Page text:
MENU is privately owned and is neither operated by, nor affiliated with, any government agency.

Recreational Licenses in Virginia

The commonwealth of Virginia is home to a multitude of environments that are ideal for hunting and fishing. With the Appalachian Mountains to the west, the waters of the Atlantic Ocean and the river valleys in between, Virginia is a popular destination for recreational hunters and anglers.

Due to this popularity, Virginia institutes strict licensing laws to prevent over hunting and harvesting as well as fund conservation efforts. Failure to abide by these licensing laws is punishable by severe fines or even jail time. Individual licenses are needed to hunt, trap, fish in freshwater and fish in saltwater. Additional permits and tags also may be required for animals and hunting or fishing areas.

The state administers recreational licenses through the Department of Game and Inland Fisheries (DGIF). Prospective hunters and anglers can apply for and purchase these licenses at any of the hundreds of licensing agents located throughout the state. Alternatively, licenses can be purchased online and printed out.

Virginia Hunting Licenses

Hunting licenses are required for any hunter older than 16 years of age. Hunters aged 12 to 15 years of age must obtain a junior hunting license, but hunters younger than 12 years old do not require one. Licenses are available to residents of Virginia, legal voters in Virginia, military service members stationed in Virginia, unnaturalized persons who own real estate in Virginia and have lived there for no less than five years and students enrolled in recognized Virginia schools. Equivalent non-resident hunting licenses exist but are more expensive.

Hunters do not need a hunting license if they are:

  • Hunting on their private property or are a spouse, child, grandchild or parent of the landowner.
  • Older than 65 years of age and hunting on private property in the city or county of their residence.
  • Hunting on privately owned land and are tenants with written permission from the owner.
  • An American Indian who is residing on reservation land in Virginia and is registered with a tribe.
  • Stockholders owning at least 50 percent of a domestic corporation in Virginia hunting on property owned by said corporation.

A hunting license from the state of Virginia allows a hunter to hunt small game. However, the following additional licenses, permits and stamps are required should any hunter want to hunt the animal or hunt in the area covered under the jurisdiction of these add-ons.

  • Deer/Turkey License: An additional license is required to hunt deer and turkey. Bag limits apply enforced via a tag system.
  • Bear License: Functions like a Deer/Turkey license with a similar tag system.
  • Archery License: Required to use a bow and restricted to designated archery seasons.
  • Muzzleloader License: Functions like an archery license, applies to primitive weapons such as flintlock rifles. Restricted to a defined season.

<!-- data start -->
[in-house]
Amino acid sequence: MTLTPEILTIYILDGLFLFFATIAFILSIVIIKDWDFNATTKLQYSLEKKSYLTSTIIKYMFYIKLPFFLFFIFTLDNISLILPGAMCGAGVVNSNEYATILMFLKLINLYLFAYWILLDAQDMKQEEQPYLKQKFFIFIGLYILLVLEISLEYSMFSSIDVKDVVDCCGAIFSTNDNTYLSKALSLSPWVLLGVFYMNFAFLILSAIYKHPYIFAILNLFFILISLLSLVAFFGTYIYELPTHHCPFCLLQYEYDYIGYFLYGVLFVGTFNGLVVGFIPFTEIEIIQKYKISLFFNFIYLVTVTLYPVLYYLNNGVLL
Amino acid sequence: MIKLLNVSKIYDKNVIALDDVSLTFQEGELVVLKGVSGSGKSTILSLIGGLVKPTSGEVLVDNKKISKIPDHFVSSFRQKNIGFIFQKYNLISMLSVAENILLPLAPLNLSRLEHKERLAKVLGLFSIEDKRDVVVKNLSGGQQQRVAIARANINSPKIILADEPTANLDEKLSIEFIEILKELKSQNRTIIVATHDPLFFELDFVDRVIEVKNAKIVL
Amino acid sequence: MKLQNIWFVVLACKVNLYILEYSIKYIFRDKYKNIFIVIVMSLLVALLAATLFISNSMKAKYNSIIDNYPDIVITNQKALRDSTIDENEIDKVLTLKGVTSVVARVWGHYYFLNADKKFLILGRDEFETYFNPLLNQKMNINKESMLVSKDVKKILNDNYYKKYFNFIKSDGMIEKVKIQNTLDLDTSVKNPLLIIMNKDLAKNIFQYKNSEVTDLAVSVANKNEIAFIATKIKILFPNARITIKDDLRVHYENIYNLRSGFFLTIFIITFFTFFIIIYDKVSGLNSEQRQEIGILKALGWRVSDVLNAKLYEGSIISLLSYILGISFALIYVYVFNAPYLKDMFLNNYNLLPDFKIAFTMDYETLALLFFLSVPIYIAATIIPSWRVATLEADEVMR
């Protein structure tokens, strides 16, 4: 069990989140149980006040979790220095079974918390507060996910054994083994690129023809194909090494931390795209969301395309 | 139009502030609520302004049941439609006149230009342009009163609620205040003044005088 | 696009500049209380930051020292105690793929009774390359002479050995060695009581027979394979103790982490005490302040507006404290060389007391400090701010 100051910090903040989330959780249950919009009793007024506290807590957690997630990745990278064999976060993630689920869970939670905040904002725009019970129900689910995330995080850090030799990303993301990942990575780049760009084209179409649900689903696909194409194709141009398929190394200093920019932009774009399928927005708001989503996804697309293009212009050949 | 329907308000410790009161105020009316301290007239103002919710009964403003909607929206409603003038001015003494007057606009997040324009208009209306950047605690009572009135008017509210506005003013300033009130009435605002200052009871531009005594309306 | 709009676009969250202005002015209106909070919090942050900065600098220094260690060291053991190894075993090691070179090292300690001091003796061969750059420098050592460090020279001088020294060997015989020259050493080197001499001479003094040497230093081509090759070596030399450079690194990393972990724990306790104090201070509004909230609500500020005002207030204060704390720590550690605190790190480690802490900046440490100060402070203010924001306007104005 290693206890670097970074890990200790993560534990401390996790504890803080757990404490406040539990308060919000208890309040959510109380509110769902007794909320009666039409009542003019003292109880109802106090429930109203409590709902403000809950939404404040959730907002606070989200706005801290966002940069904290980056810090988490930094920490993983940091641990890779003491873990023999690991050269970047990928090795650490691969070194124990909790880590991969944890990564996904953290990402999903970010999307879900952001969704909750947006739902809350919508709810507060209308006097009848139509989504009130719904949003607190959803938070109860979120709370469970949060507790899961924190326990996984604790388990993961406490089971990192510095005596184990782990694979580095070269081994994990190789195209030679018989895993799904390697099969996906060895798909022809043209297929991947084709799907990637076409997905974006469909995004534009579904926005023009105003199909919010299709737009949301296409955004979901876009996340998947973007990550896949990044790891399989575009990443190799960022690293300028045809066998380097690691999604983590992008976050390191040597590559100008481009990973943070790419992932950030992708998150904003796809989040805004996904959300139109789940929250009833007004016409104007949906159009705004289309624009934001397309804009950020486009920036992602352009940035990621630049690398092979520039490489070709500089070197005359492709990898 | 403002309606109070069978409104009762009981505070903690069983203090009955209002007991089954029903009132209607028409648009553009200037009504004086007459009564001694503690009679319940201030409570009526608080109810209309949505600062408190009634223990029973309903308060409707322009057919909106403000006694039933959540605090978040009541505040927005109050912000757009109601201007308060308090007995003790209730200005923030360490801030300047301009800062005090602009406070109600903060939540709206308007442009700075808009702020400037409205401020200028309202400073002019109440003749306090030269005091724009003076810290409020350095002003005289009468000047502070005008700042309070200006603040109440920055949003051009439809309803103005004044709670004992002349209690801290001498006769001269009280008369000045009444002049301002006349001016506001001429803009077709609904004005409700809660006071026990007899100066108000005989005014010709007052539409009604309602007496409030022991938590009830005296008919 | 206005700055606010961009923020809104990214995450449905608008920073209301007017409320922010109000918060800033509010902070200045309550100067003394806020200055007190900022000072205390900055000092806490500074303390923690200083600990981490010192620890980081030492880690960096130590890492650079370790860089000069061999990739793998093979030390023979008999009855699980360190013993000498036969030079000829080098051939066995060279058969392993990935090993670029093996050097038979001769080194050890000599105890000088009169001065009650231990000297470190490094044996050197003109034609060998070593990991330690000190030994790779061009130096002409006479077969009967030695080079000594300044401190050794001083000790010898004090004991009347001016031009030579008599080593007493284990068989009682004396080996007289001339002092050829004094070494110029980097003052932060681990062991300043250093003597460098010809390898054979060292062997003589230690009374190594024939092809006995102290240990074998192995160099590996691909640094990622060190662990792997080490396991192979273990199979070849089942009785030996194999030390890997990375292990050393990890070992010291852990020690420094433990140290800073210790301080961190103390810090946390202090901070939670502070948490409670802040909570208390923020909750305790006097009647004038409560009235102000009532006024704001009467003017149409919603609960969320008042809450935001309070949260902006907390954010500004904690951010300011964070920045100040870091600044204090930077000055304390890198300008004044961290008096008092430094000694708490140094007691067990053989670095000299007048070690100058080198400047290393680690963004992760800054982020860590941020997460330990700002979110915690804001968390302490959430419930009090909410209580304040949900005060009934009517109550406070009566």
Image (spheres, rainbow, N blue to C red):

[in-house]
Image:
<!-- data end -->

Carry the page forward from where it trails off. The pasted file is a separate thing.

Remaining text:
• Bonus Deer Permit: Allows for the bagging of deer more than the tag limit put forth by the Deer/Turkey license. Restricted by daily bag limits as well as location prohibitions.
  • National Forest, Virginia State Forest, Public Access Lands for Sportsmen Use Permit: Individual permits are required to access and hunt on these lands.
  • Federal Migratory Duck Stamp: The federal government requires all hunters in the United States who wish to bag migratory waterfowl to buy this stamp.
  • Virginia Migratory Waterfowl Conservation Stamp: Required by the state to hunt migratory water fowl.

Any hunters in Virginia, licensed or exempt, must enroll in the Harvest Information Program (HIP) if they plan on hunting any migratory game bird in the state including doves, waterfowl, rails, woodcock, snipe, coots, gallinules or moorhens. This enrollment is in addition to any licenses, fees or stamps. This system keeps track of game birds harvested so that accurate population estimates can be made for conservation efforts.

Trapping Licenses in Virginia

A license is required to trap animals in the state of Virginia. Additionally, cities or counties may also require a separate trapping license to trap on their grounds. Exemptions and restrictions are similar to those applied to hunting licenses. However, trappers under the age of 16 are also exempt from the license if accompanied by a licensed trapper who is 18 years or older.

Virginia Fishing Licenses

Any angler 16 years or older must obtain a fishing license to fish in the state of Virginia. Resident requirements are identical to those of the hunting license. Exemptions for the fishing license are also identical with guests who are fishing in private ponds, residents who are over the age of 65 fishing in salt water and legally blind persons.

Equivalent non-resident licenses are also available at greater cost.

The DGIF requires separate licenses to fish in salt and fresh water, but also offer combination licenses at higher prices. The DGIF also sells a tidal boat license which entitles the owner of the vessel and any onboard guests to fish in salt and fresh water.

Some add-on licenses and permits may be required in addition to the fishing license and include:

  • Trout Fishing License: Required to fish in designated trout stocked waters.
  • Daily Permits: Some areas require a daily permit for access. These areas include Clinch Mountain, Crooked Creek and Douthat State Park Fee Fishing Areas.
  • Nation Forest and Virginia State Forest Use Permits: Both require individual permits to access and fish on the grounds.
  • County Dip Net Permit: Required to take shad, herring and mullet via dip net.

It might also interest you: